Christmas means London’s outdoor skating rinks are back up and running, so whether you’re an expert skater or spend most of the time gripping the sides for dear life, it’s a fun way to spend an hour.
There’s one problem with this great idea though: it can be hella expensive. But if you’re willing to go outside of popular times you can skate for less than half the price that some less-savvy Londoners will cough up. Here, then, is our guide to London skating on the cheap.
Look for off-peak slots and early-bird options, often found on morning sessions on weekdays. While the fixed price spots (like Tower Bridge) may not seem great, they can work out cheaper on ‘peak’ times that places with varied prices, so keep that in mind if you want to skate closer to Christmas. Of course students and children generally get in cheaper and family tickets are available to help save too. Also, as annoying as booking fees are, with such a popular passtime it’s better to book ahead than risk your chosen session being sold out (yes, even at 9am).
The grand dame of London’s outdoor skating rinks, amid the Neoclassical splendour of Somerset House’s courtyard, this is also one of the most popular. Somerset House knows this, and the website helpfully lists the most popular dates. Off peak dates are from the 19th – 23rd Nov, the 26th – 30th Nov and the 7th – 11th January.
Prices start at £11.00 for adults and £8.50 for children and concessions (including those on PIP and Univrsal Credit) and there are wheelchair sessions available too. You can There are Skate Lates again this year which combine acts like the Dalston Superstore takeover, Josey Rebelle and House Gospel Choir Soundsystem with evening skating. To snag the cheaper prices go earlier in the day if you can and opt for off-peak dates.
The Natural History Museum
Go skating and then see the dinosaurs! The NHM’s skating rink has cheaper slots in the morning but also late at night. The peak times are from December 8th – January 6th when all days fall under the £15.95 – £17.05 pricing options. During off-peak times, however, weekday slots cost between £12.65 – £15.95, although weekends remain at the higher prices.
There are bonus items to add like afternoon tea or chapagne if youre looking for a treat and some late-night sessions will feature live music and DJs.
The Canary Wharf skating rink stays open until 24 February 2018, so it’s worth bearing in mind long after festive shenanigans are over. The first session of each day—between 9am and 12.15pm, depending on the date—costs £9.95 instead of the usual £16.95. This applies on weekends too, making it one of the cheapest ways to get your skating fix outside the working week, even if it does mean getting to the Docklands for 9am.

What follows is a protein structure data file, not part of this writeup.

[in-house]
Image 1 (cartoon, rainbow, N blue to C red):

There’s also an off-peak discounted rate of £14.50 so long as your session doesn’t run beyond 4pm on weekdays, with the exception of 11 December-2 January 2018 and 11-19 February 2018.
The Christmas extravaganza is back in Hyde Park, with its gigantic wheel, circus and entertainment shows, places to eat and drink and, of course, a skating rink. The bandstand provides live music and the chance to skate is pretty consistent—running from 10am – 10pm with sessions lasting 50 minutes. Skate rental is included and it’s suggested your arrive 20 minutes early to get your skates and be ready to go.
Off-peak adults tickets cost £9.50, standard tickets cost £14.50 and peak tickets cost £15.50 (plus a transaction fee of £3.00–£6.00, depending on how many you’re buying).
For children it’s £7.50, £9.50 and £10.50 respectively and concession tickets save a pound on the adult fare. Family tickets cost £30.00, £38.00 and £42.00.
There are booking fees of between £3-£10 depending on your total amount. Tickets will be available from the box office but may sell out.
The question now is: when is off peak? The answer is: not simple. Unfortunately this information is only available when booking tickets and varies wildly, but generally weekends are entirely peak (bar the odd early session), and off-peak tickets can only be found on weekday mornings. Try the first 1-5 sessions of weekdays, up until Dec 14th. After that, some morning sessions are standard while afternoon are peak, including Christmas Eve, Boxing Day, and New Year’s Eve, which is pretty good. There is no drop back down to off-peak after Christmas or New Years, but there are more Standard prices to be had than Peak on balance.
Tower of London
It’s not the cheapest rink around, but skating at the Tower of London has the added advantage of being the same price all the time—none of this peak/off-peak malarkey. It’s £14.50 for adults all the time, whether you want to skate at 8pm on Christmas Eve or 11am on 28 November. Even adding a mini bottle of prosecco only takes the cost up to £22. That’s really not bad. And you’re right in front of the Tower of London which offers an impressive backdrop for your mean skating skills.
Hampton Court Palace
Hampton Court skating rink works on the same principles as the Tower of London (not surprising as it’s run by the same company). One price, whenever you go. The only difference is it’s ever-so-slightly cheaper: £14 for whenever you want to take to the ice. Does it get more festive than skating at a Tudor palace? Possibly not.
This isn’t one of the major rinks and as such it’s a fair bit smaller, but it is the only rooftop ice rink in Europe, so it’s an unusual one. It’s attached to a Skylight’s rooftop bar in Tobacco Dock (imagine a colder version of above, with more coats), which has replaced its summer croquet and petanque with a skating rink as a fun alternative if you’re bored of drinking mulled cider and eating fondue (as if you can ever get bored of eating fondue). Tickets cost £10, can only be bought on the day, and get you 45 minutes of skating. Open until mid January.
This article was originally written in 2017 but was most recently updated in November 2018